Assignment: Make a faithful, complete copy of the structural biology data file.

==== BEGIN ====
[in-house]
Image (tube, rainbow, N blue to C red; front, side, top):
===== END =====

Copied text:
[in-house]
Image (tube, rainbow, N blue to C red; front, side, top):